Colin Montgomerie hasn’t won a major championship nor has he won a PGA Tour medal-play event. (He won the 1997 Andersen Consulting Match-Play Championship, now the WGC-Accenture Match-Play Championship). But Montgomerie, who turned 50 on June 24th and is playing his first Champions Tour event, must be considered one of the best golfers of his generation. He won eight Order of Merit titles on the European Tour between 1993 and 2005, and has won 40 pro tournaments overall. He belongs in the World Golf Hall of Fame, which is where he was installed earlier this year.
Montgomerie will begin his Champions Tour career this week in the Constellation Senior Players Championship at the Fox Chapel Golf Club in Pittsburgh. That’s a major on the Champions Tour. Maybe Montgomerie can make his first tournament as a senior golfer a major championship victory–at least one on the Champions Tour.
It’s no given, though, that he’ll even play that well. It’s hardly automatic that a newly minted 50-year-old tears up the Champions Tour. Montgomerie said the other day that he has “a new hunger for the game,” by which he meant he looks forward to the competition against golfers more his own age. He’ll continue to play the odd event against the “flat-bellied” golfers, as Lee Trevino has called the younger set–but rarely. Montgomerie will try next week to qualify for July’s Open Championship at the Muirfield Golf Club in Gullane, Scotland.
Montgomerie has been one of the more interesting players for years. It’s impossible to know why a player of his immense talents never did win on the PGA Tour, or win a major. He just didn’t. He did get into a playoff for the 1994 U.S. Open against Ernie Els and Loren Roberts. Els won. Montgomerie also finished second in the 1997 and 2006 U.S. Opens, and the 1995 PGA and Open Championships.
“You know, I had a great career,” Montgomerie said, “a great normal career if you like, and I would get to number two in the world, now being inducted into the Hall of Fame is a great honor, but of course there’s always an omission, isn’t there, when you talk about me, there’s a lack of a major championship.”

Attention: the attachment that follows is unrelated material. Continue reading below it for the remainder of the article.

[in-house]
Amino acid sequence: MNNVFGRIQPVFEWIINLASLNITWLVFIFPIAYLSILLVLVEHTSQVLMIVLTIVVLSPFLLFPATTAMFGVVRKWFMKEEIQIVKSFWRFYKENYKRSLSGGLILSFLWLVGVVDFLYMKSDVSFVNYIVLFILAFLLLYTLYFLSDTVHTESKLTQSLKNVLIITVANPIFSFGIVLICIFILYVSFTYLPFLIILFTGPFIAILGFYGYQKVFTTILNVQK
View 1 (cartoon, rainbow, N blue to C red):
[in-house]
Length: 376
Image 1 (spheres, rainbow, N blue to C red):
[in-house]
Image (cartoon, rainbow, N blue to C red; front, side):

Maybe that lack only makes Montgomerie that much more of an intriguing player. He too has obviously wondered if he lacked the ingredients–whatever they are–to win a major. At the same time, he’s been fascinating to watch and listen to in interviews. He can be petulant, but he’s also direct and honest.
I remember watching him in the 1997 U.S. Open at the Congressional Country Club in Bethesda, MD, site of this week’s AT&T National on the PGA Tour. Montgomerie was over the ball on a tee shot. He stood there for what was obviously too long a time–he’s a quick player normally. What was going on?
Montgomerie looked up. A helicopter was hovering above. Montgomerie was distracted. He looked at an official as if to ask if he could arrange to have the helicopter moved. That wasn’t in the official’s power. Montgomerie glowered. He set up over the ball again, took his club back and hit his usual high fade. It was a perfect tee shot.
I also remember the time I covered the 2000 WGC-Andersen Consulting Match Play Championship at the La Costa Resort & Spa in Carlsbad, Calif. I was in the interview room when Montgomerie sat down. There was a lot of discussion about the world rankings at the time. Many players weren’t clear on how the rankings worked–they still aren’t, for that matter. Who is?